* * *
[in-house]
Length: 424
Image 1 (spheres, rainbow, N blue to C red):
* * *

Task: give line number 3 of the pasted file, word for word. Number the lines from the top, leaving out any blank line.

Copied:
Image 1 (spheres, rainbow, N blue to C red):